The case of Ricky Kidd is similar in some respects to the case of Victor Vickers Jr in that Ricky has proven his innocence in court and his freedom is being denied by a procedural miscue. You can attend an evidentiary hearing on Ricky’s case starting tomorrow April 23rd at 9 am at the Davies County Courthouse, 102 N. Main #6, Gallatin, MO. This is a unique Educational Court Event for everyday citizens to see how exonerations are fought and achieved. This hearing is scheduled for, but may not take up four days to conclude. You are invited to attend any part of the hearing you can.

Speaking In Turkish: Denying the Armenian Genocide

Around the world, April 24 marks the observance of the Armenian Genocide. On that day in 1915 the Interior Minister of the Ottoman Empire ordered the arrest and hangings of Armenian intellectuals and community leaders in Constantinople. It was the beginning of a systematic and well-documented plan to eliminate the Armenians, who were Christian, and who had been under Ottoman rule and treated as second class citizens since the 15th century.

The unspeakable and gruesome nature of the killings”beheadings of groups of babies, dismemberments, mass burnings, mass drownings, use of toxic gas, lethal injections of morphine or injections with the blood of typhoid fever patients”render oral histories particularly difficult for survivors of the victims.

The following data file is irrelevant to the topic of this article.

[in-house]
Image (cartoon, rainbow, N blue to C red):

Why did this happen? Despite being deemed inferior to Turkish Muslims, the Armenian community had attained a prestigious position in the Ottoman Empire and the central authorities there grew apprehensive of their power and longing for a homeland. The concerted plan of deportation and extermination was effected, in large part, because World War I demanded the involvement and concern of potential allied countries. As the writer Grigoris Balakian wrote, the war provided the Turkish government their sole opportunity, one unprecedented to exploit the chaos of war in order to carry out their extermination plan.

As Armenians escaped to several countries, including the United States, a number came to New Britain, Connecticut in 1892 to work in the factories of what was then known as the hardware capital of the world. By 1940 nearly 3,000 Armenians lived there in a tight-knit community.

Pope Frances calls it a duty not to forget the senseless slaughter of an estimated one and a half million Armenians by the Ottoman Turks from 1915 to 1923. Concealing or denying evil is like allowing a wound to keep bleeding without bandaging it, the Pope said just two weeks before the 100th anniversary of the systematic implementation of a plan to exterminate the Armenian race.

Special thanks to Jennie Garabedian, Arthur Sheverdian, Ruth Swisher, Harry Mazadoorian, and Roxie Maljanian. Produced and written by Heidi Boghosian and Geoff Brady.